Another thing pushed hard in the plan is a shift toward charter schools. I’ll be blunt: I hate the idea of charter schools (this came out today, which seems like icing on the cake). Sure, some of them can be effective, but undermine the public education system at a fundamental level (not to the extent that the voucher system to private schools does, but still). Charter schools are a band-aid fix. Just like every attempt at “fixing” the education system in America to come from the past 15 years, it avoids the real problem. It’s simple math, really. You can’t have every student attend a charter school – if you did, then they would be plain old public schools. There wouldn’t be anything “charter” about them. So inherent in the charter school plan is to leave some students disadvantaged – that’s the only way for the students that do attend the charters to have an advantage. It’s a zero-sum game. Because Romney’s plan emphasizes no increase federal funding for education (REALLY), if you’re giving money to students to attend charter schools, there will be less money for the students left out of the charter schools, leaving them at a further disadvantage.
That’s why “A chance for Every Child” is fucking bullshit. Because it’s not for every child. Fundamental to Romney’s plan is that some children get to leave public schools to attend private or charter schools, leaving others behind. And those left behind are worse off than they were before the implementation of the plan. The American Public Education system is supposed to provide equal education to all students, but Romney’s plan is anything but equal. Just like everything the GOP pumps out these days, this education plan is modeled on a competitive free-market. Romney’s plan treats K-12 education like a consumer market. There’s only one problem: we’re dealing with students here, Mitt, not consumers.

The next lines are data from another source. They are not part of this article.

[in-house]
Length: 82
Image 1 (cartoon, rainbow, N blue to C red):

It doesn’t get much better. The plan states that Romney wants to reduce the “barriers to becoming a teacher.” What? It’s too difficult to become a teacher in this country? Since when? Romney wants to make it easier to become a teacher, because so many of those entering the profession are so very well prepared as it is. How the hell does lowering the qualifications necessary to become a teacher improve the quality of teachers? Look, I know firsthand what it takes to get certified to teach high school, and as much as I dislike it, it’s not exactly difficult. And this is in New York, one of the harder states to get certified in. With so much talk of the “quality of teachers” lately, Romney’s plan only seeks to reduce that quality, while holding them far more accountable for student performance. So let’s make teachers less prepared, throw them into a classroom, and then blame them when their students perform poorly. And then we’ll blame the unions. Yes, there is a lot that needs to be fixed when it comes to teacher certification, preparedness, and evaluation, and teachers do need to be held accountable, as do teacher’s unions, but reducing the “barriers” to becoming a teacher, and upping the stress of performance on those teachers, is not the way to go about things.